A country with a booming economy, high inflation and low unemployment needs to be slowed down with higher interest rates to prevent inflation, bubbles, speculation and too much debt.

But what if you persistently set the wrong monetary policy in a country, deliberately? What happens?

Again, we don’t have to guess. History tells us what happens. Incorrect monetary policy was responsible for the financial crisis of 2008.

In the US, the Federal Reserve and its former chairman Alan Greenspan copped the criticism for this. Many commentators now agree that interest rates were kept “too low for too long” in the 2000s, inflating the US housing bubble with cheap debt.

In other words, the central bank financed the sub-prime bubble with low interest rates, fooling people into borrowing money they couldn’t afford when interest rates returned back to normal.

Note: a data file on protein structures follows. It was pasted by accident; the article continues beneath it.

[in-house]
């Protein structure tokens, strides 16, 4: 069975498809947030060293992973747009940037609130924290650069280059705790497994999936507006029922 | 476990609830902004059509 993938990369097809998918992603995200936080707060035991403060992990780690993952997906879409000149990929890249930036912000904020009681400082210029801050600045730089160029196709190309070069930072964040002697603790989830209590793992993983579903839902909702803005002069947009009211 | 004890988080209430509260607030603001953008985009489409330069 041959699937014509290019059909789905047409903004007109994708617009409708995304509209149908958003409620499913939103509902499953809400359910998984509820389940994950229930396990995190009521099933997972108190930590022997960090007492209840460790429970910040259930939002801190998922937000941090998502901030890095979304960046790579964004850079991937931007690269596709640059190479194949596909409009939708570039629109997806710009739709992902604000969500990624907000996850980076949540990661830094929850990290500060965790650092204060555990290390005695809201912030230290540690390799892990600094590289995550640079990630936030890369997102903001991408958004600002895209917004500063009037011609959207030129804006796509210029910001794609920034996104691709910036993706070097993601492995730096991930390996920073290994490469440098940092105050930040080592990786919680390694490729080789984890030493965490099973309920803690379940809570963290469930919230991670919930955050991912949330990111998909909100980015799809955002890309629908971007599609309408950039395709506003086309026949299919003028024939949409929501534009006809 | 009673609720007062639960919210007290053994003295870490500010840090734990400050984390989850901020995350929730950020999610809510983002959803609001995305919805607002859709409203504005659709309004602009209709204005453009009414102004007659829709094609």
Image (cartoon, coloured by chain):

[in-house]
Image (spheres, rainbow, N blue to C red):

But in Europe, the ECB’s one-size-fits-all monetary policy was never blamed for the housing bubbles in Ireland and Spain. Those countries should’ve had higher interest rates when their economies and property markets boomed before the 2008 crash.

But Germany’s economy was the “sick man of Europe” at the time, requiring low interest rates. So the ECB split the difference and set interest rates somewhere in between.

Politicians call this a compromise. I call it the worst of both worlds.

It left Germany with an interest rate that was too high, and Europe’s booming economies with an interest rate that was too low. This financed the housing bubble’s excesses in the peripheral countries and kept Germany in the doldrums.

The reverse happened after the 2008 financial crisis. Germany benefited from interest rates that were far too low for its booming economy. A few years ago, the former German finance minister said the exchange rate was “too low” for Germany given its unemployment, inflation and GDP growth.